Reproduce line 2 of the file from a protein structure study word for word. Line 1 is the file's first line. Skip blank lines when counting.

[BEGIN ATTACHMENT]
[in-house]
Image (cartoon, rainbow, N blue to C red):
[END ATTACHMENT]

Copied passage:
Image (cartoon, rainbow, N blue to C red):